On Tuesday, the animated Fox sitcom released a short clip on its social media pages. The video shows father – and resident dimwit – Peter, sitting on a hospital bed and asking his dog Brian why he should get the Covid-19 vaccine, insisting that he hates getting shots. Brian swiftly corrects Peter’s pronunciation of “Covid,” to which Peter replies, “Well I only ever read it.”
When Dr. Hartman enters the room, Peter asks him “how does a vaccine work?” However, the doctor’s response is less than conventional. “Think of the vaccine as a large ethnic bouncer and Covid-19 as the drunken entitled white kid yelling ‘Do you know my father is?’” the doctor says, before baby Stewie interrupts.
Stewie then enters into a monologue explaining how vaccines have been around for hundreds of years, that they helped eradicate smallpox from the face of the Earth and are well on the way to doing the same for Polio. Brian and Stewie then teleport themselves inside Peter’s body as they proceed to explain exactly how a vaccine works, with Peter’s daughter Meg being used to represent the virus and spike protein.
The talking baby concludes that the vaccine protects both those who receive it and those around them. The video stops short of telling people to get vaccinated. The final shot shows a plaster with the words “It’s up to you,” with links to further vaccine information.
“It’s up to you” is a Covid-19 vaccination initiative from the Ad Council. Lisa Sherman, president and CEO of the Ad Council, said in a statement that the ‘Family Guy’ video was bringing “critical vaccine information to audiences in a fresh and hilarious way that will surely inspire people to take the next step in slowing the pandemic.” She thanked Fox for its cooperation on the issue.
The video has received plenty of praise from people online, with one even going so far to say it is “the smartest and most accurate thing that Fox has released about covid to date!”
Others suggested the video was well pitched. “Well done! Said so adults will understand ( hopefully)” one person wrote on Twitter. Another said it was “funny and informative!”
However, not everyone was so pleased with ‘Family Guy’ and its creator and voice actor Seth MacFarlane. One person questioned why a cartoon writer and voice-over guy thought he was an authority on medicine. “Whether Im provax or not, shut the hell up and stay in your lane, you get paid to entertain, not push your opinions,” one argued.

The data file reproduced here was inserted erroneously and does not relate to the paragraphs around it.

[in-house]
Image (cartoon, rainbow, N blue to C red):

“I’m vaccinated, I’ve had my shots. But you’ve gone political which is bulls**t,” another chimed in, asking whether ‘Family Guy’ would be advocating giving the mRNA shot to baby Stewie.
One person claimed they’d rather catch Covid than watch the ‘Family Guy’ video again.
MacFarlane has previously been very critical of Fox News and its position on vaccinations, highlighting the controversial views shared by Fox host Tucker Carlson. In August, MacFarlane said he’d like to take ‘Family Guy’ to another network because Fox gives people like Carlson a platform.
MacFarlane jokingly told Jimmy Kimmel on Monday that he “saw everyone else at Fox Corp doing their part to get good science out there” and decided he had to do the same. He suggested the news side of Fox TV lived in an “imaginary fairyland.”
It’s not the first time ‘Family Guy’ has raised this message. In a short PSA released in April, Stewie told his mom Lois to get the Covid-19 vaccine.
On Monday evening, right-wing anchor Carlson claimed the Pentagon’s recent vaccine mandate was actually a ruse to rid the military of “sincere Christians in the ranks, the freethinkers, the men with high testosterone levels and anyone else who does not love Joe Biden.” He contended it amounted to a “takeover of the US military.”
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